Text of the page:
If you had very stable voltage, then one meter could be switched between measuring current and voltage. 

The Agilent U1272A might be a useful choice, and it has other uses. Ideally you would want two instruments so measurements could be made simultaneously. These are limited to 10 A. The chip in the TED1000 has very good linearity and thus extrapolation to higher power levels might not be too bad.

On the other hand if you had a standardized and calibrated TED 5000 it could be your simplest and most economically accurate method. In other words use somebody with better test equipment to calibrate the MTU at a price. Thus, turning the calibrated 5000 MTU into a standard. To do this you would need to determine how much variation occurred from opening and closing the current sensors.

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GAR

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Re: Hard wired communication link?
« Reply #40 on: September 02, 2011, 08:52:55 PM »
110902-1040 EDT

Back to my original discussion. Since that point I have learned a great deal more about the TED system.

Some definitions first:

PLC is a name (acronym) for power line communication. This uses a high frequency carrier to transmit data over conventional 120 V power wires in a home or building. TED uses 132 kHz, X10 uses 120 kHz, and others may be at different frequencies. Then there are various devices using the power system that may introduce noise into these frequency bands. Also there are loads that attenuate the signal level.

FILTER generally means to remove or separate. From dictionary.com for electronics the definition is:
"6. Electronics,  Physics . a circuit or device that passes certain frequencies and blocks others."

SIGNAL to NOISE ratio (S/N). How strong a desired signal (signal) is relative unwanted signals or random noise (noise). The higher this ratio the greater is the probability of correcting detecting and extracting data from the desired signal. This ratio can be improved by increasing the transmitting power, filtering to reduce excess noise, reducing noise at the source, and better detection means, such as correlation detection.


Starting with X10 type systems. This system concept is based on the ability to have many different transmitting locations within the power distribution system of a building, and to have many different distributed receiving locations. This has to be viewed as a big network of parallel wires onto which a signal is injected somewhere (transmitted), and that can be received anywhere else. This has major problems from two sources --- shunting loads that attenuate the transmitted signal, and noise generators.

I believe the TED 1000 system started out with the X10 concept that would allow the MTU to be located at the main panel, and then the RDU could be plugged into any outlet for viewing data. This flexibility and no wire installation were selling points. From a marketing point of view seems to make sense. But from a technical view it is unreliable.

Problems were discovered. Namely errors or the system did not work. Thus, in each individual case patchwork solutions are suggested. Experimentation is required and somewhat indirect means are used to see if an improvement occurs. In many cases I suspect that operation may be marginal. Why should a receipt of 20 % bad packets be considered acceptable?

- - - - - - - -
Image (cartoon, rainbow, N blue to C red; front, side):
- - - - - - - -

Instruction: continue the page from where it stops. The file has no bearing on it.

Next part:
One of the solutions is filters. This is good as a starter. But more tha that should be done.

What is being called a filter I would rather call a filter-isolator to be more descriptive. The word filter being used to mean high attenuation of unwanted signals from the input side of the filter to the output side. This would reduce noise or other signals on the output side of the filter for the TED components of interest on the output side from the noise and other signals that originate on the input side of the filter. This I could do nicely with a cascaded sequence of L-C low pass filter stages. Series inductance and shunt capacitance. But this would be bad for the TED system on the output side because of the last capacitor in the filter. This capacitor looks like a short to the TED transmitter at its carrier frequency. A short to the transmitter lowers its output signal, thus reducing the S/N at the receiver.

So a filter alone is not the solution. At the filter output there needs to be a high output impedance at the TED carrier frequency. Now the TED transmitter won't be heavily load and its signal level will be large. To distinguish the required filter device from an ordinary Corcom filter, such as a 5VR1, I would prefer to call the TED filter a "filter-isolator". I might point out that I have probably 20 or more filters like the 5VR1 scatter through my house. These are on all my fluorescent fixtures to reduce radio noise from the lights.

Note: the filters supplied by TED are X10 filters and these are a "filter-isolator, and do a reasonably good job such that if the TED setup is as I describe next it should perform in a rock solid fashion relative to S/N.

The way to solve the power line communication problem is:

1. Erase the concept that any circuit in the house can be used for for this PLC. Means there is going to be a dedicated circuit for each Gateway or RDU and nothing else is on the circuit.

2. An in-line filter-isolator is installed at the main panel. There is no choice, you use the in-line filter-isolator. If the Gateway uses the red input wire, then a second in-line filter-isolator is required. Again, no choice it must be used.